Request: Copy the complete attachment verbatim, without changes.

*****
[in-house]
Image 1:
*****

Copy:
[in-house]
Image 1: